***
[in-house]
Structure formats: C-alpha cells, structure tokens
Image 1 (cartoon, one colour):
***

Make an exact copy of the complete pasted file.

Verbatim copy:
[in-house]
Structure formats: C-alpha cells, structure tokens
Image 1 (cartoon, one colour):